This is the second part of a two-part series on the life and times of Henry H. Haight, namesake of Haight Elementary School and Haight Avenue. Part one appeared in last Thursday’s edition.
On Dec. 5, 1867, newly elected Governor Henry Huntley Haight took to a stage in Sacramento to give his inaugural address. Haight spent the majority of his speech condemning Congress’ Reconstruction policy. He claimed Reconstruction was extreme and destroyed White Southerners’ liberties.
Henry Huntly Haight was born in Rochester, New York, on May 20, 1825. He was of English and Scottish roots, with his paternal ancestors settling in 1628 in what became Massachusetts. He established the third generation of lawyers in his family.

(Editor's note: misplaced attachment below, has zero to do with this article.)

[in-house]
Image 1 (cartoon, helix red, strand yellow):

Alameda resident Rasheed Shabazz has launched an effort to rename a local elementary school after his research revealed that school’s namesake held racist attitudes towards Africans and Asians.
Henry Huntly Haight served as the first California governor elected after the Civil War. In his inaugural speech on Dec. 5, 1867, Gov. Haight denounced post-Civil War Reconstruction policy as discrimination against whites. He declared “Negroes” and “Asiatic races” “inferior.” He also voiced his opposition to non-white voting rights, as well as immigration from Asia.